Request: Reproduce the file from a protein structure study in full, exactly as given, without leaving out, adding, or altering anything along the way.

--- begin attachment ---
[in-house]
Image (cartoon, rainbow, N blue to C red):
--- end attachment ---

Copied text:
[in-house]
Image (cartoon, rainbow, N blue to C red):